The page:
PM: I will make case for strikes against IS in Syria

(BBC) David Cameron has promised a “comprehensive strategy” to win MPs’ backing for bombing Islamic State militants in Syria as well as Iraq.

The prime minister told the Commons the Paris attacks had strengthened the case for air strikes, suggesting there could be a fresh vote on the issue.

He wanted to “do the right thing for our country”, and hit the “head of the snake” of IS in Raqqa, Syria, he said.

MPs rejected strikes against Syrian government forces in a 2013 vote.

Labour leader Jeremy Corbyn said any military response should have the support of the international community and legality from the United Nations.

‘Growing threat’

Two years ago, MPs voted against possible UK military action against Syrian President Bashar al-Assad’s government to deter the use of chemical weapons.

Parliament later approved British participation in air strikes against Islamic State extremists in Iraq, which have been ongoing ever since.

Mr Cameron promised action against IS would not be extended to Syria without Parliament’s consent – and said he would only hold another vote when he was sure of a “consensus” among MPs.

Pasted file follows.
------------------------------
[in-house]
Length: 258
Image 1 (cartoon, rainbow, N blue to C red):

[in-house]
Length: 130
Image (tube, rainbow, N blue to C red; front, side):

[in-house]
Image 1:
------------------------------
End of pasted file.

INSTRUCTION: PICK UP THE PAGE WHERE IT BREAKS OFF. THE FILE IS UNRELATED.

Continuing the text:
Downing Street has stressed it is not setting out a timetable publicly for a Commons vote yet, says BBC political correspondent Chris Mason.

An “important first step” would be setting out his case in a personal response to a recent Foreign Affairs Committee report, the prime minister said – with sources indicating this would be done before the end of the month.

Addressing the Commons on Tuesday, Mr Cameron said that British planes had attacked 350 targets in Iraq and offered support to their allies’ action over Syria.

But he said Islamic State – also known as Isis, Isil or Daesh – did not recognise or respect the border between the two countries.

“It is in Syria, in Raqqa, that Isil has its headquarters and it is from Raqqa that some of the main threats against this country are planned and orchestrated,” he said.

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